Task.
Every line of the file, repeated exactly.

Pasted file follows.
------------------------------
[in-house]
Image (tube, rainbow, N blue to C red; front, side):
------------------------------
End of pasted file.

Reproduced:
[in-house]
Image (tube, rainbow, N blue to C red; front, side):